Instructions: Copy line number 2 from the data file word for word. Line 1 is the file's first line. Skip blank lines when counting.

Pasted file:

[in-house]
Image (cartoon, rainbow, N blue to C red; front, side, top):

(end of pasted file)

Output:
Image (cartoon, rainbow, N blue to C red; front, side, top):